February 11, 2008
Chinese corporate law: where's the beef? (2)
Posted by Donald Clarke

In my first post, I mentioned that one question one must always ask about corporate governance rules in Chinese law is: do they matter? One reason the rules often don't matter is because there is no practical method of enforcing them. In this post I propose to look briefly at the obstacles to shareholder litigation against companies and their management.

As I mentioned in my first post, although the Company Law and the Securities Law provide that companies and their directors and officers have certain duties, the court system is not always willing to grant a private right of action if the duty is violated. Very often courts may take the view that the problem is one for administrative agencies to deal with. Sometimes the courts' reluctance to take cases is based not on a legal analysis of whether there exists a private right of action, but on a practical analysis of whether the court system has the capacity to handle such cases. Thus, from 2001 to 2003, the Supreme People's Court (SPC) issued three sets of rules instructing lower courts not to accept shareholder lawsuits under the Securities Law unless (a) the suit was for misleading disclosures, and (b) an administrative or criminal punishment had already been imposed on the defendant(s) for the act complained of. (The rules also provided a set of procedures for hearing such cases.) In effect, a disgruntled shareholder must get a key to the courthouse from a government body, and cannot sue at all for losses from insider trading or market manipulation, even though both are equally prohibited in the Securities Law.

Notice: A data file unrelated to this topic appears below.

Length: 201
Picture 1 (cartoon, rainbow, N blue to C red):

The justification for the key-to-the-courthouse rule offered by the SPC was that this was favorable to plaintiffs: a previous finding against the defendants would reduce their evidentiary burden. I have discussed this rationale with a number of academics in China, and have never really gotten a satisfactory answer to my objection that that rationale justifies allowing plaintiffs to bring in a previous finding as evidence, but not requiring them to do so.

A few months ago I read an article in Caijing, a Chinese business magazine, stating that the "spirit'" of a recent SPC document meant that plaintiffs could now sue for insider trading and market manipulation, but the article did not mention the name or source of this document. I e-mailed the author requesting further details, but got no response. When I was in China in December, I questioned a securities litigator about it, and discovered that the article was referring to a speech by a particular SPC official in which he said that such lawsuits should now be allowed to go forward. Does a speech by an SPC official give standing where an official document says otherwise? I guess if local courts think it does, then it does.

More on barriers to litigation tomorrow.

China, Comparative Law, Corporate Governance | Bookmark

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